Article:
MANCHESTER: Michael Clarke carried the weight of Australian cricket on his shoulders with immense tenacity as he plundered 187 in their mammoth 507 for seven at tea on the second day of the third Ashes test on Friday.
The captain led from the front with his under-pressure side 2-0 down in the five-match series and he racked up his highest test score against England before tiredness finally got to him and he was bowled, awkwardly playing on to Stuart Broad.
Australia had not managed a century in the series but Clarke, 125 overnight, began to turn the tables on those who laughed at his prediction of a 3-2 series win after the second test humbling at Lord’s.
His wicket was Broad’s 200th in test cricket but it was scant consolation for England, who have laboured under the Old Trafford sun and have seen Steve Smith (89), Chris Rogers (84), Brad Haddin (57 not out) and Mitchell Starc (54 not out) rack up handy scores on a largely flat pitch.
Graeme Swann did take five for 149, removing Smith when the number five gave away his wicket by skying a top-edged sweep to Jonny Bairstow in the off-spinner’s first over of the day.
His dismissal prompted the return of David Warner.
The left-hander punched England’s Joe Root in a Birmingham bar during June’s Champions Trophy, leading to a ban from the Australia side, but he was drafted back in for this test with the batsmen previously struggling.
Warner was widely booed and taunted from the packed stands as he walked to the crease.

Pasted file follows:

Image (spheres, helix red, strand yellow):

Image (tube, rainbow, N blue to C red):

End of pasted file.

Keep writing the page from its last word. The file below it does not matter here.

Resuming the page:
He was initially watchful but got a thick edge on five off Swann, the ball hitting wicketkeeper Matt Prior’s knee and bouncing up for slip Jonathan Trott to take the catch.
Warner conferred with Clarke and reviewed, but replays showed a clear nick and there was nothing wrong with the catch.
The jubilant crowd waved Warner back to the dressing room with glee, leaving Haddin to come in and steady Australia, although his inside edge was dropped on 10 by Prior off the unusually misfiring and wicketless James Anderson.
Warner’s review came after controversy on Thursday when Usman Khawaja was given out by the on-field and third umpires despite not appearing to edge Swann behind. Cricket Australia asked the ICC for clarification over the “incorrect” call.
Clarke, who won the toss, left the field to wild applause from the posse of green and gold clad Australians in the vast temporary stand at the revamped Manchester venue.
Peter Siddle (one) was Swann’s fifth victim when bowled hitting across the line as spin looked to be the way forward with the pacemen struggling to extract enough reverse swing.
Rain hit famously wet Manchester before play but the sun came out just in time to greet the players. Showers are possible on Saturday, however, with the damp bowlers’ footholes already causing problems.